ImageServer supports DeviceLink ICC profiles, which are primarily used to convert CMYK colors of one device to CMYK colors of another device, e.g. Euroscale Offset CMYK to gravure printing CMYK. Color conversions using DeviceLink profiles can have properties that are impossible using conventional ICC profiles. Conventional ICC profiles represent color characteristics of color devices (such as scanners, digital cameras, monitors, displays, and printers) and abstract color spaces (such as CIELab). In contrast to conventional ICC profiles, DeviceLink profiles represent direct mappings from one specific color space to another specific color space. Thus, DeviceLink profiles have two color spaces: an input color space and an output color space. Conversions between CMYK color spaces using two conventional ICC profiles have the fundamental disadvantage that the 3 component CIELab space is used as an intermediate step between the input and output 4 component CMYK color spaces. The use of CIELab as an intermediate color space results in the loss of information, which objects should be printed using only the black channel, e.g. black text. Typically conventional conversions from CMYK to CMYK convert Black channel only objects to black objects using Cyan, Magenta and Yellow. Additional ICC profiling software can create DeviceLink profiles for CMYK to CMYK conversions that preserve black channel only objects or which replace Cyan, Magenta and Yellow with Black ink while preserving the color appearance to cut cost and to improve ink drying properties during printing.
The “layout” image conversion tool supports DeviceLink
conversions via the
option. If a DeviceLink profile is specified, the input image
must have the same color space as the input color space of
the DeviceLink profile. The color space of the output image
is determined by the output color space of the DeviceLink
When printing PDFs directly via “pdfprint” or Acrobat plug-in or indirectly via OPI, a DeviceLink profile can be specified within the printer queue. All input color objects with the same color space as the input color space of the DeviceLink profile are color matched using the DeviceLink profile. All other color objects are converted using the input profile and printer profile. Printer queues with DeviceLink profile require a printer profile with the same color space as the output color space of the DeviceLink profile. Assumed that a CMYK printer profile and a CMYK to CMYK DeviceLink profile have been specified, the color data will be:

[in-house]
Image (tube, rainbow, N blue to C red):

1. RGB and Lab input data
2. CMYK input data
PDF printing, PostScript OPI, and PDF-native OPI using DeviceLink profiles supports proofing, too. Assumed that a CMYK printer profile, a CMYK proof profile and a CMYK to CMYK DeviceLink profile have been specified, the color data will be:
1. RGB and Lab input data
2. CMYK input data
As specified by the ICC standard, DeviceLink conversions do not have rendering intent support. Rendering intent settings do not alter DeviceLink conversions.
ImageServer includes options to preserve black, white, gray, and primary CMY colors. E.g., with the “Preserve … Colors – Black” option RGB black is detected and converted to CMYK black without Cyan, Magenta, and Yellow. The “Preserve … Colors – CMY” option applies to CMYK to CMYK conversions only and preserves the input color if, and only if black is 0% and exactly one CMY primary color is 100% and all other primary colors are 0%. The preserve color options can be specified separately for raster image data and PDF vector data.
ImageServer supports grayscale ICC profiles, i.e. grayscale images with an ICC profile are properly processed. Grayscale ICC profiles can be specified as printer profiles and as output profiles for image conversions.
BPC is not part of the ICC specifications that have been issued by now. With BPC, the CMM evaluates the lightness range of the used devices and scales between them. Until now, BPC has been available nearly exclusively in some Adobe applications. The BPC option within HELIOS products is available for the Perceptional, Relative Colorimetric and Saturation rendering intents. HELIOS provides the BPC option as 3 additional rendering intents:
4 – for Perceptual with BPC
5 – for Relative Colorimetric with BPC
6 – for Saturation with BPC
Colors converted with BPC are highly source and destination gamut dependent. Some images look better with BPC, others do not. Therefor, it is recommended to check carefully when BPC should be used. However, a refinement of this approach is now available, the Black Plane Compensation.
While the BPC transformation only affects pure gray tones, the Black Plane Compensation in the CMYK color space limits the maximum ink coverage. Therefore, not only pure black is black, but in reality many dots in the vicinity. Thus, not only a single dot is transferred to the target black point, but a whole layer of dots. This means that shadows are still retained, but they appear calmer and less noisy:
7 – for Perceptual with Black Plane Compensation
8 – for Relative Colorimetric with Black Plane Compensation
9 – for Saturation with Black Plane Compensation